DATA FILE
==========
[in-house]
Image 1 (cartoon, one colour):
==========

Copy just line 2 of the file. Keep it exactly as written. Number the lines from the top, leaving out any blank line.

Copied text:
Image 1 (cartoon, one colour):